Tuesday before the flood

This is Spring Break for the University of Hawaii. Meda’s locked out of her office, since the campus is closed. So my schedule gets the trickle-down disruption.

The National Weather Service is warning of “intense rain” is possible this evening, although it has been quite a beautiful morning.

We’ll see.

Just a few items worth noting here.

There’s a good piece by Greg Mitchell recounting the news media’s failures in the run-up to the Iraq war. The column was intended for publication in the Washington Post, but was killed by the newspaper which instead ran a replacement taking the “no problems here” view of the same media performance.

Mitchell, former editor of Editor & Publisher, has now released the unpublished column (“That Piece Killed by the ‘Post’“), and also blogged about the issue (“Double failure“). Both make for good reading.

The regular morning email blast from Pacific Business News included a rather unsettling story, “North Korea said to be targeting bases in Hawaii“. Mainstream news coverage probably rightly highlights the paranoia of North Korea’s new leadership.

So that’s why I was surprised by these other reports that U.S. B-52s are flying mock nuclear bombing runs in the area.

Agence France-Presse reported last week:

The Pentagon says at least one B-52 has flown over South Korea in recent weeks as part of joint South Korea-US military exercises that Pyongyang has denounced as rehearsals for invasion.

“It is an unpardonable provocation,” a North Korean foreign ministry spokesman said in a statement carried by the official Korean Central News Agency (KCNA).

“The US is introducing a strategic nuclear strike means to the Korean peninsula at a time when its situation is inching close to the brink of war,” the spokesman said.

Great. There’s a paranoid guy with power and we’re responding to the paranoia by making threatening gestures.

Meanwhile, Politico featured Hawaii Senator Mazie Hirono earlier this month among what it called the “Talk To My Press Secretary Caucus” (see, “Silent Senators“).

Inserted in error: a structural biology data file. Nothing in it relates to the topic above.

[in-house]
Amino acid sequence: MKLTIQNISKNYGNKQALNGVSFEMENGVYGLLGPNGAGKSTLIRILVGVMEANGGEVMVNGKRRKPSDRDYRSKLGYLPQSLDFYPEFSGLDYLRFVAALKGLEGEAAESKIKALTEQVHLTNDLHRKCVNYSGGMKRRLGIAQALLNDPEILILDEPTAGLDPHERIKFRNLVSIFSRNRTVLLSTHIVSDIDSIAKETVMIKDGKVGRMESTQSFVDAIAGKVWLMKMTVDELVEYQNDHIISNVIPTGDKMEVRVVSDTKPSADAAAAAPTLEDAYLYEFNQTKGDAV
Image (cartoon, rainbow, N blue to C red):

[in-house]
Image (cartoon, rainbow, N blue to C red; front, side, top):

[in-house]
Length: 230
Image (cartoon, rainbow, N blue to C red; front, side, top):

For a growing group of Republicans and Democrats — some of them veterans, others newer to Washington — questions are not welcome from the national press who patrol the hallways of the Capitol. Answering is just not worth it.

That is — not worth the headaches and headlines, even for something as small as a blog post, of a fumbled quote or inartfully turned phrase. Not worth, several lawmakers and their press aides suggested, a possible “gotcha moment.”

Finally, a short essay on the state of the news from one former reporter’s vantage point (“Why I left news“).

I don’t think the Internet killed newspapers. Newspapers killed newspapers.

People like to say that print media didn’t adapt to online demand, but that’s only part of it. The corporate folks who manage newspapers tried to comply with the whims of a thankless audience with a microscopic attention span. And newspaper staffers tried to comply with the demands of a thankless establishment that often didn’t even read their work. Everyone lost.

3 responses to “Tuesday before the flood

  1. What do I miss?

    UH Regents last week said they are looking for efficiency and productivity. Then they lock profs out of their own office with access to their documents and internet access. Talk of speaking from both sides of a confused mouth.

  2. North Korean “paranoia” would seem to postdate America’s “threatening gestures.” As such, their fears would not be paranoia.

  3. Evidently what you missed, Hugh, is that a lot of media, TV, Newspapers, and Magazines are owned by individuals or corporations that profit from war, so important questions such as possible WMD in Iraq and now Iran, are never challenged. America’s provocative actions toward other countries are never challenged by mainstream media. But thanks to the Internet, that has changed. Programs such as Democracy Now provide vital critical thinking via critical reporting. The local TV news report on North Korea missile failed to report America’s actions, provoking a possible different reaction. That is totally unacceptable a Democracy! There are many Koreans living here who possibly would like to see peace , harmony, and unification instead of two Koreans.

Leave a Reply

Your email address will not be published.